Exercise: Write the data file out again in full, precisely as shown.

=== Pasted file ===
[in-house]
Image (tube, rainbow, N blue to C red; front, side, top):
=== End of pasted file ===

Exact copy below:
[in-house]
Image (tube, rainbow, N blue to C red; front, side, top):